SD Sniffer part 2
I’ve finally had time to play around a bit more with the SD sniffer I designed a few weeks ago. I started placing all the active components on the board and also got to curse myself for choosing the tiny, tiny, SC70 packages for the comparators. The SC70 package is tiny and the components were quite tricky to solder, mostly because I don’t have access to a stereo microscope any more. But it all worked out in the end.
Since I have used the OpalKelly FPGA board before and have a lot of existing code for it, it didn’t take long to hack together an FPGA image that could control the D/A converter on the board to set the reference voltage for the comparators. With that done it was possible to probe the outputs from the comparators with a scope and see that the signals matched the signals on the SD bus. One of the purposes with this board was to not put too much load on the SD data lines, and this actually seems to work. I have a high speed SD card which runs at 48MHz which gets a lot of errors if I probe the CLK line with a normal 10x scope probe. With the sniffer board it works fine at 48MHz without any errors.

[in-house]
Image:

A little while later I could actually get the signals into the FPGA and then stream them onto my PC. The current FPGA image is rather simple, on every SD CLK edge it samples the SD CMD and SD DATA lines and stores them in a FIFO buffer inside the FPGA. The Cypress FX2 USB controller on the OpalKelly board then streams the data from the FIFO to the PC. This is basically what the USBee does, so this has the same limitation of 30MHz clock speed on the bus. So the only advantage so far is that my SD sniffer doesn’t affect the SD bus signals as much as the USBee does.
But since I have access to the FPGA on the OpalKelly board there’s a lot more that can be done. The USBee wastes a fair bit of the USB bandwidth since it always transfers 8 bits to the host for each sample. The SD bus only uses 5 bits per sample, the CMD line and four DATA lines, so 3 out of every 8 bits going over the USB bus are unused. With the FPGA it’s quite simple to pack eight 5 bit samples into five 8 bit words. So to be able to handle a 50MHz bus it needs 50*5/8 = 31.25MBit/s throughput on the USB bus which is just about what’s possible.
But first I’ll clean up the existing code a bit and then start working on some way of processing and presenting the raw SD bus data.